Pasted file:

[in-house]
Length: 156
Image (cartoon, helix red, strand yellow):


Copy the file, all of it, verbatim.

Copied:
[in-house]
Length: 156
Image (cartoon, helix red, strand yellow):